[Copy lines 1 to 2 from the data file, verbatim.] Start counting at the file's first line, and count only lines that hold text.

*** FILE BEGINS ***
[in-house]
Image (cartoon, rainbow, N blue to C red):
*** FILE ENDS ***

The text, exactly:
[in-house]
Image (cartoon, rainbow, N blue to C red):